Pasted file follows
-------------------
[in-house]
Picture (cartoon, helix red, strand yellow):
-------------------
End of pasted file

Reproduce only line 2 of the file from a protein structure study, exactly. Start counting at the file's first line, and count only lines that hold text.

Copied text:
Picture (cartoon, helix red, strand yellow):